Builder Confidence Drops
Rising material costs and a resurgence of the coronavirus pushed builder confidence down in January, according to the latest NAHB/Wells Fargo Housing Market Index (National Association of Home Builders)
Builder confidence in the market for newly built single-family homes was down three points from December to 83, but was up from last January when the index was at 75.
- MIDWEST: Saw the smallest decline with a one-point drop in January to 81, however it was up big from last January when the index stood at 67
- WEST: Saw a slight decline with a four-point drop in January to 92, however it was up from last January when the index stood at 86
- SOUTH: Saw a slight decline with a five-point drop in January to 82, however it was up from last January when the index stood at 77
- NORTHEAST: Saw the biggest decline with a ten-point drop in January to 68, however it was up from last January when the index stood at 62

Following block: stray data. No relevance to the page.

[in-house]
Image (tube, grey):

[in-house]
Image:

NAHB Chairman Chuck Fowke said in a statement, “Builders are grappling with supply-side constraints related to lumber and other material costs, a lack of affordable lots and labor shortages that delay delivery times and put upward pressure on home prices. They are also concerned about a changing regulatory environment.”
All the HMI indexes decreased in January. The index gauging current sales conditions dropped two points to 90, sales expectations in the next six months fell two points to 83, and traffic of prospective buyers declined five points to 68.
Tyler’s Talking Point: A number above 50 indicates that more builders view conditions as good than poor. So despite slight drops across the board, the data indicates conditions are still quite strong and as long as housing inventory remains at historic lows its hard to believe builder confidence won’t stay elevated.